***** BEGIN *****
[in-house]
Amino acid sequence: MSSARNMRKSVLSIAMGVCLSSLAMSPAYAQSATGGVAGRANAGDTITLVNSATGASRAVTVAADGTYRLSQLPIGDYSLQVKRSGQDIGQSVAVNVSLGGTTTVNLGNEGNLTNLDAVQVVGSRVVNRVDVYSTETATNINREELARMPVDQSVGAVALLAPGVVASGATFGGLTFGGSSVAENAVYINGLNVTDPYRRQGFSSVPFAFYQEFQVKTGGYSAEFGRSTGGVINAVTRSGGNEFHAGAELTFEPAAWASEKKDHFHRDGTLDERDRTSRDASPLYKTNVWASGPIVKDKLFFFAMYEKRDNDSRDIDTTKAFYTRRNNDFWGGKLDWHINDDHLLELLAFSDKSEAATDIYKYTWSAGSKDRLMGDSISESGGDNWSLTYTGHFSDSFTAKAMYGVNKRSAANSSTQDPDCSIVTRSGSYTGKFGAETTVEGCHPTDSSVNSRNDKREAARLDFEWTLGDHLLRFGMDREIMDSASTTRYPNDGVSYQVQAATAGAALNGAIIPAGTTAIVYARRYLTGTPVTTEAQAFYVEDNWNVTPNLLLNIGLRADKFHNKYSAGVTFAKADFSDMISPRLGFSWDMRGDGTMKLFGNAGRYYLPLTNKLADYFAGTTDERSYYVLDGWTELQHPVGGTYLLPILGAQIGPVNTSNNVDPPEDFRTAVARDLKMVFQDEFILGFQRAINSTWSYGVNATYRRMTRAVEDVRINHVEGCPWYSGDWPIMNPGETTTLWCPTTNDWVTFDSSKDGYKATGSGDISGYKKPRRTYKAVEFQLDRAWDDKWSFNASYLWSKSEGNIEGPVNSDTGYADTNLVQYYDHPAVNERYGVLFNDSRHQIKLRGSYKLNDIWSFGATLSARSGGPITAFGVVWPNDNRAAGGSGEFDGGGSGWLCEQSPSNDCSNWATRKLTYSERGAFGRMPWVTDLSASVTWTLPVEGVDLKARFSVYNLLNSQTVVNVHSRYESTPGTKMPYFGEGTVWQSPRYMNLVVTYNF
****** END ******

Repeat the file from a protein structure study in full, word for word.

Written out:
[in-house]
Amino acid sequence: MSSARNMRKSVLSIAMGVCLSSLAMSPAYAQSATGGVAGRANAGDTITLVNSATGASRAVTVAADGTYRLSQLPIGDYSLQVKRSGQDIGQSVAVNVSLGGTTTVNLGNEGNLTNLDAVQVVGSRVVNRVDVYSTETATNINREELARMPVDQSVGAVALLAPGVVASGATFGGLTFGGSSVAENAVYINGLNVTDPYRRQGFSSVPFAFYQEFQVKTGGYSAEFGRSTGGVINAVTRSGGNEFHAGAELTFEPAAWASEKKDHFHRDGTLDERDRTSRDASPLYKTNVWASGPIVKDKLFFFAMYEKRDNDSRDIDTTKAFYTRRNNDFWGGKLDWHINDDHLLELLAFSDKSEAATDIYKYTWSAGSKDRLMGDSISESGGDNWSLTYTGHFSDSFTAKAMYGVNKRSAANSSTQDPDCSIVTRSGSYTGKFGAETTVEGCHPTDSSVNSRNDKREAARLDFEWTLGDHLLRFGMDREIMDSASTTRYPNDGVSYQVQAATAGAALNGAIIPAGTTAIVYARRYLTGTPVTTEAQAFYVEDNWNVTPNLLLNIGLRADKFHNKYSAGVTFAKADFSDMISPRLGFSWDMRGDGTMKLFGNAGRYYLPLTNKLADYFAGTTDERSYYVLDGWTELQHPVGGTYLLPILGAQIGPVNTSNNVDPPEDFRTAVARDLKMVFQDEFILGFQRAINSTWSYGVNATYRRMTRAVEDVRINHVEGCPWYSGDWPIMNPGETTTLWCPTTNDWVTFDSSKDGYKATGSGDISGYKKPRRTYKAVEFQLDRAWDDKWSFNASYLWSKSEGNIEGPVNSDTGYADTNLVQYYDHPAVNERYGVLFNDSRHQIKLRGSYKLNDIWSFGATLSARSGGPITAFGVVWPNDNRAAGGSGEFDGGGSGWLCEQSPSNDCSNWATRKLTYSERGAFGRMPWVTDLSASVTWTLPVEGVDLKARFSVYNLLNSQTVVNVHSRYESTPGTKMPYFGEGTVWQSPRYMNLVVTYNF